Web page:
On top of being a super amazing awesome fun time, my trip also allowed me to knock two items off my 101 list: #1 – Cage dive with sharks and #91 – Go to Hawaii. And as soon as I hit publish on this posting, it will put me 1/6th of the way towards achieving my 2018 goal of having “published at least six [blog postings] that are long form (minimum of 3000 words).”
In conclusion: A++, would Hawaii again.
Image and Video Credits: The barracuda photo is from Wikipedia and the Green Sea Turtle photo posted by FHKE on Flickr with a Creative Commons license. All the other photos are mine or Scott’s. The two surfing videos are mine and Scott’s and for sources of the other videos, follow the links to YouTube.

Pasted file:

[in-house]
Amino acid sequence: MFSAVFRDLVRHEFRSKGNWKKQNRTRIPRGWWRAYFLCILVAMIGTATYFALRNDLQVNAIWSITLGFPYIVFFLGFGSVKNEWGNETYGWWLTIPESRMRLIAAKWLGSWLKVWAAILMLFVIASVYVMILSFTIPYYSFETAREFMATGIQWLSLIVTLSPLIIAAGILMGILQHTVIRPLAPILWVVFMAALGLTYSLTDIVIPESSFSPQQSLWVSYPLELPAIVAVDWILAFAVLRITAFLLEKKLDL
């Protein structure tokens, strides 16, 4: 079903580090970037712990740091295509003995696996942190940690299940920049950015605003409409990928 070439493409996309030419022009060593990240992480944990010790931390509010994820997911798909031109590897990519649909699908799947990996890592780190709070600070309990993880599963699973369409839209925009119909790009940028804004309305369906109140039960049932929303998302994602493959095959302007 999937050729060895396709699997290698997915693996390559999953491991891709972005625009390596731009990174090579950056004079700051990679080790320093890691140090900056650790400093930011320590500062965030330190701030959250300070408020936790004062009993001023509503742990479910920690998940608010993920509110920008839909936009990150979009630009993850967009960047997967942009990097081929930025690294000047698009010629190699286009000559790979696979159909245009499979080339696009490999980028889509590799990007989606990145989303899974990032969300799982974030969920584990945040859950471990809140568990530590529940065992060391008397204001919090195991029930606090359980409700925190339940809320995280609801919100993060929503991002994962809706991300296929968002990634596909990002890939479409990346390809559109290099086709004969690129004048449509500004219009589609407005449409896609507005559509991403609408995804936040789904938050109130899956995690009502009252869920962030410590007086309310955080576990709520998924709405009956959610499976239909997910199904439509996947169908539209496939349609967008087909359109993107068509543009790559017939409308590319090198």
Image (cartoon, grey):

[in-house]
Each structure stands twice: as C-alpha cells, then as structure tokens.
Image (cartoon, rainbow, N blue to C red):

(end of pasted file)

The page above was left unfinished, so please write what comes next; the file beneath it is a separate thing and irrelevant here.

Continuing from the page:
I’m reasonably sure that I’m slowly drifting towards an entirely Costco-based life. First it was just for food… then clothing… and now travel! [↩]
I told my trainer for January & February to give me a training program that would help me with surfing and/or looking good on the beach. So she gave me some crazy tough workouts and I think it really helped! [↩]
Which we bought at Costco (of course) before we left Vancouver. [↩]
Apparently some companies will chum the water to attack sharks, but it’s controversial as it can affect shark behaviour and even lead to sharks equating humans with food, which is not a good thing. [↩]
Honestly, the whole time I kept thinking that the narration should have been done by Troy McClure. [↩]
Note to self: write that blog posting that you’ve been meaning to write since forever called “Dr. Beth’s Worldwide Lighthouse Tour”. [↩]